Topic: chronic pain
Clarksville, TN – Chronic pain affects millions of people. Normal everyday people. By no fault of our own, and the older we get, stuff just breaks down, or wears out.
I’ve had two hip replacements, two wrist surgeries, and I deal with rheumatoid arthritis. I didn’t ask for it, but that’s where I am in my ripe old age. With titanium in my hips and my joints affected by the arthritis, it can get uncomfortable.
I don’t complain about it because there are MANY people who struggle with more serious issues, even life threatening illnesses and I’m blessed to be relatively healthy at this stage of my life.
But chronic pain is just that. It’s a PAIN.
Clarksville, TN – Omega Kimoto knows pain. In fact, she calls herself a “pain warrior.”
Kimoto has battled since 2008 when she was injured while serving as an Alabama Conservation Enforcement officer. A career of law enforcement and community service was taken away virtually overnight.
After a second surgery she developed a condition known as Complex Regional Pain Syndrome, and her list of chronic pain conditions grew to include Arnold Chiari Malformation, Mast Cell Activation Syndrome and Glaucoma.
Fort Campbell’s Blanchfield Army Community Hospital physical therapists offer course in dry needling
Technique adds to growing list of non-opioid pain management practices at Fort Campbell
Fort Campbell, KY – Blanchfield Army Community Hospital Physical Therapy is hosting level one and two dry needling courses July 19th-24th for military and federal healthcare providers.
Physical therapists Maj. Leigh Anne Lechanski, BACH physical therapy department, and Maj. Richard Westrick, U.S. Army Research Institute of Environmental Medicine deputy chief of military performance, are teaching two levels of dry needling to 27 military and federal physical therapists and primary care providers this week.
Consumer Reports Investigates What Causes Pain, What Treats It, What Doesn’t – and How to Prevent It
Also, CR looks at the prescription painkiller epidemic, efforts to curb overuse of opioids, and surprising truths about medical marijuana
Yonkers, NY – Persistent and chronic pain can be a frustrating, debilitating and expensive problem. According to the June issue of Consumer Reports, 125 million Americans in pain spend about $300 billion on treatments and care every year. But not all of that care is effective, and some of it may be costly or even dangerous.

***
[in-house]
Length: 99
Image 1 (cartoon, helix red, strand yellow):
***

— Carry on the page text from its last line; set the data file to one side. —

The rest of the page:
To help consumers make better, more informed choices, Consumer Reports took a closer look at the issue of treating pain in a special report on what works and what doesn’t—and developed guidance on how to treat common ailments—including back, neck and joint pain.
Dr. Robert T. Cochran Jr. came to Borders Saturday, April 4, reading from his new book, Curing Chronic Pain.
“I believe you will marvel, as I constantly do now, at just how much a doctor can learn in four years.” — Robert T. Cochran Jr., M.D.
In Understanding Chronic Pain, Cochran’s first book, he spoke with patients about their experience with unrelenting pain, developing a “thesis that chronic pain was a form of mental illness, and that by understanding and treating the mental illness one could often cure chronic pain.” Cochran saw links between chronic pain and issues such as childhood trauma, depression, substance abuse and bipolar disorder.Cochran was available to sign books for his readers.
Our imaginations perform with clarity when we have an unknown disease or injury, or a sudden ache or pain as we exercise on the treadmill. There’s a pain in the chest — what is it? That thought will trouble us and motivate us to seek medical advice. Anxiety precipitated by an undiagnosed injury or pain will run rampant and frighten us.
Recently I had such an experience with an unknown, unfamiliar chronic pain in my right side. After two weeks of this nagging pain, I went to my doctor. Two referrals and various tests later, Dr. Patel in five minutes not only identified the problem but prescribed a medication that brought immediate relief. Before his treatment, my imagination had conjured up thoughts of a gall bladder attack or kidney stones or even cancer.
It’s one thing to suffer from an unknown ailment; it’s another to suffer in silence. In II Corinthians 8-11, the Apostle Paul is described with an illness which he kept to himself. I recommend that this testimonial and self-revelation be read. «Read the rest of this article»
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